Consider how babies and toddlers learn concrete vocabulary. Prior to speaking their first word, babies will understand many words and phrases. They are soaking in all the labels tossed at them during walks, story time, playtime and mealtime. The first time parents realize their child truly knows a word is magical. Baby might have casually heard the word milk and began kicking their legs excitedly and babbling. Parents naturally tune into their child’s ever-growing vocabulary base and begin to stretch it. “Milk? You’re hungry? Ok, time to eat!” Similarly, once parents realize their child understands the word for flower, they will begin labeling specific flowers. Meanwhile, the child’s brain is busy mapping all these new words, figuring out the semantic relationships–what is a category and what is a subcategory, what is a noun and what is an adjective? Eventually they understand that flowers have some things in common (petals, stems, leaves) but that their shapes and color may differ. The same thing needs to happen for kids to understand the differences among people. A tulip does not lose it’s beauty nor value by being labeled more specifically. Nor does a person lose their beauty or value by being labeled appropriately. Rather, understanding differences, and the reasons for them, provides opportunity for greater appreciation.

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Another type of ornamental cherry tree blossom (at the University of Washington quad)

So, I choose to enter the conversation.

Choosing to enter the conversation means I didn’t dodge the awkwardness when my then two-year-old commented that our visiting black friend has “dirty” skin. Instead, I stepped right into the heart of it. (Remember, this is not a mean comment coming from a little kid. My white son knew his fingers got darker after playing in dirt. He knew that his skin is dirty when it’s dark brown, so he was simply applying his truth to someone else.) I said something like, “Oh, Natalie’s skin isn’t dirty. She has brown skin all the time. People have all sorts of different skin colors, and ways their faces and bodies look.” Since Natalie was in touch with what kids need, she asked him if he wanted to touch her skin. She rubbed it to show she didn’t have dirt coming off. By doing this, she invited him further into the conversation.

As my boys age, we talk with increasing detail about differences found in people. I provide my children with the proper labels for ethnic groups, for referring to people with disabilities, for talking about people who are overweight, etc… We began with the most common people groups of the United States and move towards deepening and broadening their understanding over time. They know that many of their friends are multi-racial and how that happens. They know that others were adopted from other countries. They know that some friends have gay parents. Having these conversations makes it acceptable to discuss that someone looks different, acts different, or has differences in their family. Because we all do.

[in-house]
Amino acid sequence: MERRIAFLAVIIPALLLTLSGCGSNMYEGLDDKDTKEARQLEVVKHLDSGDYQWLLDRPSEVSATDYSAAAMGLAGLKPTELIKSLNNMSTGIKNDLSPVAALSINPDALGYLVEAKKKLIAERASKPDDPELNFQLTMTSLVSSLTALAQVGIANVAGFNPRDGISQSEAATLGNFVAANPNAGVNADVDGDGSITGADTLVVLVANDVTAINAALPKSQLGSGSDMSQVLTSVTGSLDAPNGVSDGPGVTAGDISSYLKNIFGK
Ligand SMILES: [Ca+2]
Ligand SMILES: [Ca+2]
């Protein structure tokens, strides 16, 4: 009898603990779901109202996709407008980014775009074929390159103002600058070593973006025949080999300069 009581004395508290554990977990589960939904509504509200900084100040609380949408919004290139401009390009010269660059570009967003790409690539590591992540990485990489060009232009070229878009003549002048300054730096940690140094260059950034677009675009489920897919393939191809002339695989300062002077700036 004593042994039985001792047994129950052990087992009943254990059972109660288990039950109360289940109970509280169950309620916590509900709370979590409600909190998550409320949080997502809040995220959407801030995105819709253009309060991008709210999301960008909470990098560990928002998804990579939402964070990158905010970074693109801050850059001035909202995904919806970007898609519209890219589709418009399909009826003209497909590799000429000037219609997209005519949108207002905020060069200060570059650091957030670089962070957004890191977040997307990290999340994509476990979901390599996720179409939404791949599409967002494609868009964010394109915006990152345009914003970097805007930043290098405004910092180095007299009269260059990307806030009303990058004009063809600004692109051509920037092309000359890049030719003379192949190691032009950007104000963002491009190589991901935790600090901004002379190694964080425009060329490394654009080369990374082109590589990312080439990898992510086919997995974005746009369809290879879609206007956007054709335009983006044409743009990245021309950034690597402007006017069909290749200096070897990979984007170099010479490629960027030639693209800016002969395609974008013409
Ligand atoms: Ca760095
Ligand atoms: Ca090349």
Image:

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Sometimes knowing what term is correct can be tricky (black vs African American, Asian American vs Amerasian, etc…). Asking friends if they have a preference will quickly clear up confusion. Questioning politely, with your child present, models to your children that this is a safe topic when handled respectfully. It helps to keep stigma at bay and maintain open lines of communication. In general, stick with teaching your kids the most correct terms you know and be open to the understanding that they may change. Soon enough your kids will inform you if you don’t stay on top of it. (“They’re not Oriental! They’re Asian!” has been groaned by thousands of forty year old white children to their parents.)

Older kids can be invited even deeper, learning about how places of origin often determine skin color, facial features, height, etc… Every time we have this discussion, I find a world map and the internet quite useful. We have talked about how America was initially inhabited by Native Americans and then looked at pictures, read books, etc… We have talked about many people came to America from different places and that’s part of why we see so many different types of people, whereas some countries remain relatively homogenous. The lesson incorporates race, geography and history.

Choosing to enter the conversation means that I share developmentally appropriate details about racism and how various people groups, including kids, have been treated poorly because of how they look. With my first grader, it means educating him on a handful of details about slavery and Jim Crow laws, as well as introducing him to a few key brave people who fought to change these laws. It also means letting him know that plenty of injustice remains and talking about how we can help.

Choosing to enter the conversation means that I don’t rush my boys along when they pass someone in a wheelchair and stare or inquire about it. If the person in the chair appears open to converse, I will sometimes engage them in our conversation by introducing myself and letting them know my boys have questions (which is already obvious to them, but it helps break the ice). Once this led to one exceptionally friendly woman demonstrating everything her electric wheelchair could do, including moving it into a full stand. My boys thought she was bad-ass! She enthusiastically answered their questions. In fact, I think she was touched. She was seen. She was heard. Her differences were acknowledged as worthy of discussion. My kids weren’t shushed as she passed. We welcomed her presence.